This is my neighbor’s daughter, Denisa. She is a wonderful young lady. Smart, sweet, helpful. And persistent.
In the last few months, I have been helping Denisa learn more about the Internet. In the fall, she was selected as a part of a small exchange program with a school in Slovenia for a project called the Sound of Wood. A group of students from each school traveled to each others countries for 5 days to tour, learn about each others culture and work on the project together. As a part of this, Denisa needed to open an email account and learn how to use it.
So she began coming a couple times a week to surf the internet for the class project, write on the project forum page, check her e-mail and learn about Facebook. The do have computers at her school but no internet connection. From the beginning, I had told Denisa that I would help her get started but that when the project was over she would need to learn to go to the internet cafe to use the internet (50 yards from our house). This frightens her from some reason. I have taken her one or two times and I know she has been with her brother once when I was not available to help her and she had to finish something for a project. Over time, she was coming more and more often, and I had to set limits on when she could come. One day, when I was out for errands, she rang the bell four times asking Linda, is Jenny home yet? When I did arrive home, she was at my door before I even had my shoes off and put my purse down. She often wants to come just as the boys are coming home from school.
This last week, I have finally had to put my foot down. Since returning from Slovenia, I have helped her organize her photos (we loaned her a digital camera for her trip) onto her mp3 player and a CD. I explained to Denisa, however, that the project is over, and she needs to learn to go to the internet cafe. We have a Mac and one of my concerns is that she won’t be able to do it on her own on a PC… so I am pushing her out of the nest! In addition, if you give them and inch, they will take a mile. This could well be applied to all of Albanian culture.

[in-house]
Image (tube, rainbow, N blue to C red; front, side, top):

I wish I had video. When I told her no, she could no longer use the computer and internet here at my house, she turned into a child.
“Oh, Jenny, please. Can I just check Facebook? Only 5 minutes? I will be quick. Just a few minutes, please?”
This went on for several minutes.
I truly believe, very few people have ever told her no, and meant it. In Albanian culture, it is very common for a child to beg his mother for something, for her to say no, he cries, and she gives in. Bona, Denisa’s mother, has commented more than once to her own children, “Look, watch Austin and Tyler. Jenny says no and they OBEY!” Well…. not all the time but most and it took a lot of practice. I wanted to give in to Denisa, but I know in my heart that she will learn more if she can learn the value of the word no and learn to stand on what she has learned and find her own way. Pray with me that it will be so!